The United Nation’s High Commissioner for Refugees, during a visit to Kandahar this week, said that UNHCR will assist Internally Displaced Persons (IDPs) in the southern Afghan province to return to their homes.
Filippo Grandi said this after meeting with local officials in Kandahar.
“We agreed that the main priority is to try to help everybody who is displaced to go back to their homes. I know that in Kandahar province and in the south of Afghanistan there are many people still displaced, I know that many are going home, so we are here to help you achieve that,” Grandi said.
The UN high commissioner also welcomed the opening of schools for Afghan girls and boys.
“Your message on education is very important and I heard the same message yesterday in Kabul. I understand that the schools will reopen after the winter break, and this universal education will be a great message,” Grandi said.
Local officials in Kandahar meanwhile demanded execution of development projects in remote areas of the province.
“Such work should be continued especially for people in the districts. Most of the population are living in districts and they face enormous problems. There is no clinic in Registan district,” said Mohammad Yousuf Wafa, the governor of Kandahar province.
Virtue and Vice Ministry reject claims of ordering gender segregation in restaurants
The Ministry of Promotion of Virtue and Prevention of Vice has rejected claims that orders were given to restaurants in Herat to separate male and female patrons.
This comes after reports emerged recently that officials from the provincial department of promotion of virtue and prevention of vice visited restaurants and instructed owners to separate patrons according to their gender.
However, Herat officials said this was a misunderstanding and that segregation is not being enforced and that families can eat together in restaurants and spend time together in parks.
One restaurant manager in Herat, Basir Ahmad Ahmadi, said: “When families came, we had to tell the family to sit apart … and when we told the families, they said they would go home to eat.”
Jawad Tawangar, an employee at one restaurant in Herat, said: “Fortunately, after the Ministry of Virtue and Vice responded in Kabul, the issue of restrictions has returned to normal and restaurants can allow families to eat together again.”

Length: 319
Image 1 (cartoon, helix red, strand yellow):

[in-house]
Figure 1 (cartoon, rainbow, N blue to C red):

The spokesman for the ministry, Akef Mahajer, meanwhile said no one has the right to prevent families from walking in public together.
Mahajer: “Our compatriots can go to a hotel and restaurant with their families and have tea or go shopping with their families. The reports of segregation were untrue.”
Herat officials also said no order to this effect has been issued and that families can visit restaurants together.
Naeem ul-Haq Haqqani, Herat’s director of information and culture, said: “We reject [the reports of segregation] completely and it is not true.”
“Sitting around a table and eating with the family is not a problem from the Islamic point of view, nor from the custom of the community, but it can be useful for encouraging families and for getting more involved in the community,” said Negina Barak, a resident of Herat.
Salma Dam’s turbines activated following recent rainfall
Recent rain across a large part of Afghanistan has helped increase the level of Salma Dam in Herat province, enabling authorities to activate all three power-generating turbines.
According to local officials, 80 cubic meters of water is flowing through the floodgates per second since last week’s rain.
Officials said that not only is the water being used to generate electricity but it is also being distributed to farmers for irrigation purposes.
However, the dam level is lower than this time last year due to drought, officials said.
“Currently, three power-generating turbines are active; the situation is normal and the water has been released for electricity generation and for farmers in eight districts, and there are no problems,” said Barakatullah Rahimi, the technical manager of Salma Dam.
“Every second, about 80 cubic meters of water comes out of the dam, of which 50 cubic meters is for power generating turbines and the rest is for irrigating the agricultural lands of eight districts,” said Sardar Wali Muzmal, head of the Herat River Basin.
The director of Herat’s department of agriculture, Peer Mohammad Halimi, said: “Water is distributed to eight districts of Herat through Salma Dam and we are trying to send it to other districts, so the farmers are happy.”
One farmer in the area, Halim Shah Rashidi, said the water has been released just in time for them to plant whet. “We are happy that the Salma Dam water has been released in time,” he said.
Paktia tribes end longstanding dispute
The Islamic Emirate of Afghanistan (IEA) has helped end a longstanding dispute between two tribes in eastern Paktia province.
Members of the Saro Kheil and Sultan Kheil tribes, who had a 60-year dispute, gathered at a ceremony in Gerda Seray district of Paktia and reconciled with each other.
During the event, Anas Haqqani, a senior member of the IEA, said that provincial committees would be established to help end longstanding tribal disputes.
He said that disputes have been noted and the government in cooperation with tribal elders would help resolve them.
Acting Interior Minister Sirajuddin Haqqani meanwhile stressed the importance of unity and urged tribal elders to revive the tradition of holding Jirgas (assemblies) for reconciliation.
Local officials said that IEA opponents have previously used tribal and family disputes to advance their objectives but now the disputes should be resolved peacefully.
“We will dispatch a peace convoy from here, we will take this to southern provinces and all over Afghanistan. We should turn the 20-year hostility into brotherhood,” said Abdullah Mukhtar, the governor of Paktika.
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